In this new age of social distancing, it may be time to think about not only keeping our distance from those around us, but also from surfaces that others touch. Voice technology offers an option.
According to this healthline.com article, public access terminals with touchscreens present a major risk of transmitting infectious diseases. Keypads for entering PIN codes and remote-control units in public areas are not far behind. Whether it is because of COVID-19 or for many other health-related reasons, staying away from surfaces that are touched by too many people seems like a smart idea these days. There’s just one problem: how are we expected to get our money out of an ATM, pay for a subway ticket, get our boarding passes, confirm the correct amount at the supermarket, adjust the air-conditioning settings in a conference room or change the TV channel in a doctor’s waiting room?
The key to solving the problem of physical contact with public devices is the ability of voice control. Over the last few decades, a lot of self-service systems have been rolled out all over the world, all sharing one common characteristic: touch interaction.
Retrofitting these millions of appliances for a zero-touch world seems like a tall order, and doing so would be prohibitively expensive if it involved replacing all existing equipment. However, there is a better way: mainstream voice assistants like Amazon Echo or Google Assistant have built-in voice commands to control connected devices. And with a small amount of work, they can be made to cooperate with legacy tools and systems that were never expected to be driven by voice commands.
At the moment, the market for voice assistants has one of the fastest growth rates among information technology. The utilization of voice assistants is becoming increasingly popular due to how easily we can interact with them. Major players in the voice assistant market are Google, Amazon, Apple and Microsoft. So far, voice assistants are most popular in English-speaking countries, but with the development of this technology, they will become available to a wider audience.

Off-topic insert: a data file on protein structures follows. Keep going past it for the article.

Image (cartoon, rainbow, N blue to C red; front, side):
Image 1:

Here at ELEKS, we’ve created a prototype that uses voice controllers (Amazon Echo, Google Assistant, or custom-built devices) to manage legacy non-connected appliances like air conditioners, heating systems, or television sets. The system works by instructing the voice controller to accept commands like ‘set temperature to 20 Celsius’ or ‘switch to channel 7’. The voice controller is connected to a Raspberry Pi that will then send the corresponding infrared signal to the legacy device without the need for the remote control to be touched.
ELEKS’s Deputy CTO Vitalii Yuryev, who created the prototype with a small team of software engineers, explains: “This technique allows very rapid deployment and opens additional integration possibilities. For example, air-conditioners could become weather-aware or turn themselves off when people leave the room”.
Now, let’s take a closer look at the system architecture using the example of cooperation with an air conditioning system. In our office there is an Amazon Echo voice assistant and a conditioning system with which we could only interact in a traditional way – through the physical control panel. After the Amazon Echo ‘wakes up’, it is ready to recognize voice commands. Upon receiving such a command, it sends an appropriate command to the CPU, which in turn generates an infrared signal. Next, the CPU sends the generated signal to a device containing an infrared transmitter that is attached to the air conditioning system.
Obviously, we could achieve similar results with a smartphone. Today, many applications are able to generate infrared signals and transmit them. But our system has a significant advantage. It extends the functionality of various devices. For instance, if we go back to the example of air conditioning, through our system we can not only control the temperature or humidity, fan or blinds, but also ‘ask’ the air conditioning system to set the optimal temperature for the number of people in the room. The air conditioning system can remember a specific person and its preferred room temperature. Or we can ‘teach’ the air conditioning system to determine the optimal temperature relative to the weather outside. There are many similar examples to expand our interaction with the air conditioning system.
Making legacy appliances cooperate with the IoT infrastructure requires parsing the commands sent by the remote-control unit and translating them for a Raspberry Pi. An additional benefit is that a Raspberry Pi can also be used as the IoT controller for several types of legacy devices. The system is not limited to interactions via infrared – it is also able to communicate via Bluetooth controllers or use hardwired connections if necessary.